How to retire abroad
The lure of low costs, better weather and adventure have many people considering retiring abroad. Retirement overseas can be an exciting new chapter in your life, as well as an overwhelming one. Here are some top tips for planning your retirement overseas.
Do you love nothing more than a quiet beach holiday, but in everyday life expect access to everything at your fingertips, like shopping malls, theatres, restaurants and bars? If so, moving to a small idyllic beach town where there is little to do other than swing in a hammock probably won’t be the way you want to spend your retirement.
Many people fall in love with a place they have visited once or twice on holiday, but taking a vacation is very different from living there full time.
Think long and hard about who you are, what you can and can’t live without and what makes you comfortable personally. A complete tree or sea change might sound like a wonderful idea but think hard whether it is really for you and choose where to retire wisely.
Understand Pension, Tax and Other Money Matters
The country you choose to live in could affect your pension pay out, so it’s a good idea to know what to expect. Countries in the European Economic Area (EEA) benefit from an agreement where your state pension rises with inflation. But where there is no agreement, such as Australia and Canada, your state pension will be frozen and won’t increase.
Becoming a resident of one country while still having financial commitments at home can cause tax complications, and some people end up paying twice – once in the UK and once in their new country, so get expert advice. Also consider the impact of foreign exchange rates on your money.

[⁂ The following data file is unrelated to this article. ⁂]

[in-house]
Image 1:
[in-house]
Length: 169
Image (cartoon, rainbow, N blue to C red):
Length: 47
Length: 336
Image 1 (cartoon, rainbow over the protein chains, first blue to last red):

Can you afford it?
Many countries have a cheaper cost of living than the UK when you visit on holiday, like the price of food, drinks and entertainment.
But it’s not just these expenses you need to consider. Put together a budget listing the main things you spend money on and take into account certain essentials may cost more abroad.
Your budget should include everything you pay for at home, plus things like increased electrical costs in a hotter/colder climate, potentially higher gasoline costs, cost of public transport, and any extra expenses you might encounter in your new country such as waste disposal costs.
Understand the healthcare in the country you are thinking of moving to. For example, EU countries are free to establish their own rules on entitlement to benefits and services, and national healthcare systems differ greatly within Europe. If you apply for medical care in your new country, you probably won’t be entitled to exactly the same services for the same price as in your country of origin.
Consider taking out private medical cover if you want to ensure you receive the best care possible.